Reclaimed territory : the plays of John McGrath and the 7:84 theatre company considered as a continuum of twentieth-century theories concerning theatrical form

 

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dc.contributor.author Cameron, Nicholas W en_ZA
dc.date.accessioned 2015-12-28T06:07:35Z
dc.date.available 2015-12-28T06:07:35Z
dc.date.issued 1992 en_ZA
dc.identifier.citation Cameron, N. 1992. Reclaimed territory : the plays of John McGrath and the 7:84 theatre company considered as a continuum of twentieth-century theories concerning theatrical form. University of Cape Town. en_ZA
dc.identifier.uri http://hdl.handle.net/11427/15983
dc.description Bibliography: pages 617-630. en_ZA
dc.description.abstract This dissertation proposes to examine the work of John McGrath and the 7:84 Theatre Company as part of a continuum of theatrical experimentation culminating in postmodernism. To clarify the relationship between aesthetic form and social praxis the inquiry proceeds in two salient lines of direction: the first tracing the withdrawal from "realism" of major theorists of modernist ideology, the second defining the political and social milieu which provided the matrix for the development and staging of McGrath's plays. Recognising the partisan disposition of the 7:84 Theatre Company, the focus is on not only the division between political commitment and aesthetic experimentation, but also their potential for conciliation. At stake here is the socio-political nature of dramatic form itself and the contradictions implicit in political theatre's inherent structure. Tested against actual modes of procedure in the staging of McGrath's plays, and against the plays themselves, are the modernist propositions on aesthetics and politics argued within the context of German Marxism by Bloch, Lukacs, Benjamin, Adorno, and Brecht. The inquiry into problematising representational modes is then extended to include the postmodernist resistance to both realism and modernism, seeking precisely where and how McGrath's theatre supports this opposition. Following a critical dissection of representative texts, the conclusion attempts to establish their validity as postmodernist art, wordlessly disclosing within the parameters of their own language structure what cannot be asserted effectively by the practice of politics itself. en_ZA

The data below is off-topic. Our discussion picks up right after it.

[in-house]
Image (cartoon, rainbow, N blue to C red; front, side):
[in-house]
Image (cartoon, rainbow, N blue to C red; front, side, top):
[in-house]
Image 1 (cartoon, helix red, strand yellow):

dc.language.iso eng en_ZA
dc.subject.other Postmodernism (Literature) en_ZA
dc.subject.other Theater and society - Great Britain en_ZA
dc.title Reclaimed territory : the plays of John McGrath and the 7:84 theatre company considered as a continuum of twentieth-century theories concerning theatrical form en_ZA
dc.type Doctoral Thesis
uct.type.publication Research en_ZA
uct.type.resource Thesis en_ZA
dc.publisher.institution University of Cape Town
dc.publisher.faculty Faculty of Humanities en_ZA
dc.publisher.department Department of Drama en_ZA
dc.type.qualificationlevel Doctoral
dc.type.qualificationname PhD en_ZA
uct.type.filetype Text
uct.type.filetype Image